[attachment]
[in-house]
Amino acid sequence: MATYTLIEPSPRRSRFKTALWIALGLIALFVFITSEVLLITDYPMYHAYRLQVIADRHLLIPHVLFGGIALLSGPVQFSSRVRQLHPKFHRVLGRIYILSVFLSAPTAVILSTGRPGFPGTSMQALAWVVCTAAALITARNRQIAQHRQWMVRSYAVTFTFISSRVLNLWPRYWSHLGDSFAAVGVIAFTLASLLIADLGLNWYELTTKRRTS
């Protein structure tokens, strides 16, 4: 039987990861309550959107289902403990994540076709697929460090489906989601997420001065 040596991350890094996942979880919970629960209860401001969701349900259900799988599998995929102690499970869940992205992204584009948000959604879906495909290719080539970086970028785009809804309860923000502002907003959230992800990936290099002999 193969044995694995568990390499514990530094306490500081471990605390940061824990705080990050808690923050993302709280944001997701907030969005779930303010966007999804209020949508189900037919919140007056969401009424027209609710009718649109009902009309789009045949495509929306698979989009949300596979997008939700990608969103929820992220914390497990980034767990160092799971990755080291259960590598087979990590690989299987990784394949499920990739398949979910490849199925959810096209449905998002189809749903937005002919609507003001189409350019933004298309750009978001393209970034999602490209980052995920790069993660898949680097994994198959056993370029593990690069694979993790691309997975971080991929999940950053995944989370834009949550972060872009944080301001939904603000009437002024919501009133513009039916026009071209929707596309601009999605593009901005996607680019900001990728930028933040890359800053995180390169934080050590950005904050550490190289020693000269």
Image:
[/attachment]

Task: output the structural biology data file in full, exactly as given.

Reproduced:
[in-house]
Amino acid sequence: MATYTLIEPSPRRSRFKTALWIALGLIALFVFITSEVLLITDYPMYHAYRLQVIADRHLLIPHVLFGGIALLSGPVQFSSRVRQLHPKFHRVLGRIYILSVFLSAPTAVILSTGRPGFPGTSMQALAWVVCTAAALITARNRQIAQHRQWMVRSYAVTFTFISSRVLNLWPRYWSHLGDSFAAVGVIAFTLASLLIADLGLNWYELTTKRRTS
């Protein structure tokens, strides 16, 4: 039987990861309550959107289902403990994540076709697929460090489906989601997420001065 040596991350890094996942979880919970629960209860401001969701349900259900799988599998995929102690499970869940992205992204584009948000959604879906495909290719080539970086970028785009809804309860923000502002907003959230992800990936290099002999 193969044995694995568990390499514990530094306490500081471990605390940061824990705080990050808690923050993302709280944001997701907030969005779930303010966007999804209020949508189900037919919140007056969401009424027209609710009718649109009902009309789009045949495509929306698979989009949300596979997008939700990608969103929820992220914390497990980034767990160092799971990755080291259960590598087979990590690989299987990784394949499920990739398949979910490849199925959810096209449905998002189809749903937005002919609507003001189409350019933004298309750009978001393209970034999602490209980052995920790069993660898949680097994994198959056993370029593990690069694979993790691309997975971080991929999940950053995944989370834009949550972060872009944080301001939904603000009437002024919501009133513009039916026009071209929707596309601009999605593009901005996607680019900001990728930028933040890359800053995180390169934080050590950005904050550490190289020693000269």
Image: